Rapid Reaction: Yankees 7, Blue Jays 6
September, 17, 2011
By Wallace Matthews | ESPNNewYork.com
Recap | Box score | Photos
What it means: That Trevor Hoffman has some company atop the formerly exclusive Mt. 601, and very good company indeed. Mariano Rivera's 42nd save of the season is also the 601st of his illustrious career, pulling him even with baseball's all-time saves leader and closing out a rousing come-from-behind win for the Yankees.
Life begins at 40: Curtis Granderson reached the big 4-0 -- homers that is -- with a two-run shot over the center field fence off reliever Carlos Villanueva to give the Yankees their first lead of the day, 7-6, in the seventh inning. Granderson fouled off seven straight pitches before connecting with the 12th pitch of the at-bat, a changeup. Granderson now has 113 RBI, also a career high, 39 more than his previous best, when he knocked in 74 for the Tigers in 2007.
Thumb-thing good: Alex Rodriguez, playing for the first time since Sept. 9 due to a sprained left thumb and using his new split-hands grip, jacked one into the left-field seats off Henderson Alvarez in the sixth, a three-run bomb that closed the gap to 6-5. A-Rod also singled in the first.
Big Bad Bart: Bartolo Colon struggled through his worst outing since July 14, when these same Blue Jays chased him off the Rogers Centre mound after just two-thirds of an inning. Today, Colon last four, but got smacked around good, allowing six runs on seven hits.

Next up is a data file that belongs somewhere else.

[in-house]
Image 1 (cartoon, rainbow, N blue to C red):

Cano, where'd ya go?: The lowlight of a sloppy, comical fourth inning was the sight of Mark Teixeira scrambling back toward third base to tag up after Colby Rasmus' spectacular running catch of Nick Swisher's drive to deep center and frantically trying to wave Robinson Cano back to second -- only to discover that Cano was behind him, having charged all the way around third thinking the ball had dropped. The vaudeville baserunning routine resulted in a bizarre and costly inning-ending DP.
Oh, what a relief: In addition to Rivera, the Yankees bullpen didn't allow a hit after Colon left the game. Scott Proctor, Aaron Laffey, Hector Noesi and Rafael Soriano faced 12 Blue Jays and retired 11 of them, with only Jose Bautista reaching on a walk from Proctor in the fifth before being erased in a double play. For the second straight game, Soriano struck out the side in his only inning of work.
Shortstop to shortstop: Derek Jeter came to bat four times in the first seven innings, and hit the ball right at Toronto shortstop Mike McCoy all four times. The first three resulted in routine 6-3s, but Jeter beat out the the last one, in the seventh inning for an infield single, and wound up scoring on Granderson's home run.